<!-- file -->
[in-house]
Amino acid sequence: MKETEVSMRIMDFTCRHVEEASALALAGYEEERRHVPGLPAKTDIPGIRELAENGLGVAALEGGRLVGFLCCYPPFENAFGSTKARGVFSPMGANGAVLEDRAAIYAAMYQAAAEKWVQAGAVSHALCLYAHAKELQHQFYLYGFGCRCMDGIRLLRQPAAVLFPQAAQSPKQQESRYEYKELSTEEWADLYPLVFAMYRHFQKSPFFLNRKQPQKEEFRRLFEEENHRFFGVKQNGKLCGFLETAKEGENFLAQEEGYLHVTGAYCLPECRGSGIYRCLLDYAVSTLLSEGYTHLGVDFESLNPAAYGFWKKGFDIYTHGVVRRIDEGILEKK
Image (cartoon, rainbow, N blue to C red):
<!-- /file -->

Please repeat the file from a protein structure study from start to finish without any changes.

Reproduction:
[in-house]
Amino acid sequence: MKETEVSMRIMDFTCRHVEEASALALAGYEEERRHVPGLPAKTDIPGIRELAENGLGVAALEGGRLVGFLCCYPPFENAFGSTKARGVFSPMGANGAVLEDRAAIYAAMYQAAAEKWVQAGAVSHALCLYAHAKELQHQFYLYGFGCRCMDGIRLLRQPAAVLFPQAAQSPKQQESRYEYKELSTEEWADLYPLVFAMYRHFQKSPFFLNRKQPQKEEFRRLFEEENHRFFGVKQNGKLCGFLETAKEGENFLAQEEGYLHVTGAYCLPECRGSGIYRCLLDYAVSTLLSEGYTHLGVDFESLNPAAYGFWKKGFDIYTHGVVRRIDEGILEKK
Image (cartoon, rainbow, N blue to C red):